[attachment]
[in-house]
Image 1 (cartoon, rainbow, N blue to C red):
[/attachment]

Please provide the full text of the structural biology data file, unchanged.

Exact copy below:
[in-house]
Image 1 (cartoon, rainbow, N blue to C red):